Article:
Supplements to add to your COVID-19 defense

Both vitamin D & zinc can help you fight the virus, experts say. We know…

Both vitamin D & zinc can help you fight the virus, experts say.

We know masks, social distancing, and handwashing can help us fight the coronavirus, but another defense might be in your medicine cabinet.

When we learned about President Donald Trump’s COVID-19 diagnosis last week, we noticed he takes vitamin D and zinc. I asked Dr. Grace McComsey, Vice President of Research and Associate Chief Scientific Officer at University Hospitals, about the supplements. She’s been researching them, too, and says they seem to have a significant effect on COVID-19.  

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Here in Northeast Ohio, our vitamin D levels are notoriously low because we get limited sunlight in the fall and winter months. Research shows low levels put us at high risk for COVID-19.

“If your blood level of vitamin D is low, you’re up to double the risk of dying from COVID if you get it,” McComsey said, adding it may also explain why African Americans are being impacted more severely by the virus.

When it comes to zinc, McComsey says research shows it blocks the entry of the virus into the cells. However, don’t start popping pills like crazy, because too much of a good thing is not good.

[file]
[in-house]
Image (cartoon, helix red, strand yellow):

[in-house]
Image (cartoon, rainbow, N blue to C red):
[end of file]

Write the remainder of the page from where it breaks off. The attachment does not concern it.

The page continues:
“For example, if you take super high doses of zinc for a long time, you can have copper deficiency,” she said, explaining that deficiency can lead to blood disorders.  


McComsey advises no more than 25 mg of zinc daily or 25 mg every other day. Taking too much can lead to zinc toxicity, which may cause vomiting, nausea, diarrhea, headaches, or worse.  

In addition to copper deficiency, too much zinc can also suppress your immune system and lower your HDL, or good cholesterol. You should take it on an empty stomach, but it’s okay to take with food too if you have a sensitive stomach. 

As for vitamin D, if you’re not taking a prescribed supplement by your doctor and you’re buying it over-the-counter, McComsey recommends 1,000 iu daily. While the recommended dose (depending on age) is about 600-800 iu daily, she says over-the-counter brands often don’t deliver the amount indicated on their label, so if you take 1,000 iu it at least give you the recommended dose. 

Also, you need to take vitamin D with some sort of fat to help your body absorb it. Avocados, nuts, seeds, eggs, and full fat dairy products are good sources, so take it with a meal.

It’s always best to get your vitamins from natural sources, such as food, but if you need a boost, McComsey says adding a supplement isn’t a bad idea during a pandemic.